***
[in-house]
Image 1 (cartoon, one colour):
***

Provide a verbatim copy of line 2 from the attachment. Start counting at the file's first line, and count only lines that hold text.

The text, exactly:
Image 1 (cartoon, one colour):